An attempt to effectively ban farmers from using a “vital” herbicide has been resisted in a European Parliamentary vote, much to the relief of industry leaders.
MEPs on the Environment Committee had passed a resolution objecting to the approval of glyphosate - a widely-used weedkiller - a decision which triggered the vote in full parliament on Wednesday.
Calls for a ban came despite the EU Commission proposing that the product’s authorisation, which was due to expire on June 30, be renewed. Scientists at the European Food Safety Authority had researched the substance and reported it poses no unacceptable environmental risk when used appropriately, and is unlikely to pose a hazard to humans.
Meurig Raymond, president of the National Farmers’ Union, said: “The result of this vote is very welcome news. It’s fundamental that the agricultural sector is able to use glyphosate responsibly in order to produce healthy products across the sector entering the food chain, reduce our greenhouse gas emissions and continue to farm sustainably.”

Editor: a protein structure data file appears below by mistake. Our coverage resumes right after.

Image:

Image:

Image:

Conservative MEP for Yorkshire and Humber, Amjad Bashir, said the demand for a ban was “irrational and unnecessary”.
“For market gardeners and arable farmers, this product is vital,” he said. “It is also important for maintaining hard surfaces - such as runways at airports - and keeping them free from damaging weeds.
“We should listen to the science, not ignore it. Farmers were extremely concerned by the prospect of losing this product. They need what help they can to give us the food we need and we should allow what we reasonably can.”